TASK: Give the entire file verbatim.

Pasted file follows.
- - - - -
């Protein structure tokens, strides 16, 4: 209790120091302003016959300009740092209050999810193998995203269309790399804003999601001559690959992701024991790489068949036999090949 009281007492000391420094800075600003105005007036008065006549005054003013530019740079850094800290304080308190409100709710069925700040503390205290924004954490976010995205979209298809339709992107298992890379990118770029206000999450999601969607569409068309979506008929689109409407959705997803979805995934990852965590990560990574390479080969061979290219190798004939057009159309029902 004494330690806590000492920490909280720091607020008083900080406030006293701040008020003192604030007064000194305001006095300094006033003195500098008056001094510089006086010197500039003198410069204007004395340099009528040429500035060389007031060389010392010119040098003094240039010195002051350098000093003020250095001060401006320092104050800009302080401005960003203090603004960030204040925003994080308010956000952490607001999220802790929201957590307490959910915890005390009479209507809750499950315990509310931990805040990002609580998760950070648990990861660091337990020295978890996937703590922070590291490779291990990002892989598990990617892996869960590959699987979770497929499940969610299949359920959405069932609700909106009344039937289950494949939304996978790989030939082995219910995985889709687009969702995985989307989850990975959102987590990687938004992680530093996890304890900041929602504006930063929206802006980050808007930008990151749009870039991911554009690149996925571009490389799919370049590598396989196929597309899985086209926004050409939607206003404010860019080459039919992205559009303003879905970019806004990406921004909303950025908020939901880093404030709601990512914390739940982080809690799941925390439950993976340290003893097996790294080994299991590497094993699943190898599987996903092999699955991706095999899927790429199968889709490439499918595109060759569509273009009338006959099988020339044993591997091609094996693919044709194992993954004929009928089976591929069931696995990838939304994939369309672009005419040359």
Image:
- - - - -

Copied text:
């Protein structure tokens, strides 16, 4: 209790120091302003016959300009740092209050999810193998995203269309790399804003999601001559690959992701024991790489068949036999090949 009281007492000391420094800075600003105005007036008065006549005054003013530019740079850094800290304080308190409100709710069925700040503390205290924004954490976010995205979209298809339709992107298992890379990118770029206000999450999601969607569409068309979506008929689109409407959705997803979805995934990852965590990560990574390479080969061979290219190798004939057009159309029902 004494330690806590000492920490909280720091607020008083900080406030006293701040008020003192604030007064000194305001006095300094006033003195500098008056001094510089006086010197500039003198410069204007004395340099009528040429500035060389007031060389010392010119040098003094240039010195002051350098000093003020250095001060401006320092104050800009302080401005960003203090603004960030204040925003994080308010956000952490607001999220802790929201957590307490959910915890005390009479209507809750499950315990509310931990805040990002609580998760950070648990990861660091337990020295978890996937703590922070590291490779291990990002892989598990990617892996869960590959699987979770497929499940969610299949359920959405069932609700909106009344039937289950494949939304996978790989030939082995219910995985889709687009969702995985989307989850990975959102987590990687938004992680530093996890304890900041929602504006930063929206802006980050808007930008990151749009870039991911554009690149996925571009490389799919370049590598396989196929597309899985086209926004050409939607206003404010860019080459039919992205559009303003879905970019806004990406921004909303950025908020939901880093404030709601990512914390739940982080809690799941925390439950993976340290003893097996790294080994299991590497094993699943190898599987996903092999699955991706095999899927790429199968889709490439499918595109060759569509273009009338006959099988020339044993591997091609094996693919044709194992993954004929009928089976591929069931696995990838939304994939369309672009005419040359």
Image: